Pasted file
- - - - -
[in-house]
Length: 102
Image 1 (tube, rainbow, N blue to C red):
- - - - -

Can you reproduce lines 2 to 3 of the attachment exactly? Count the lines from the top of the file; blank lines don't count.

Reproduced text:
Length: 102
Image 1 (tube, rainbow, N blue to C red):